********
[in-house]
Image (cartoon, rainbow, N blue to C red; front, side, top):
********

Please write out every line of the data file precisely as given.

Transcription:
[in-house]
Image (cartoon, rainbow, N blue to C red; front, side, top):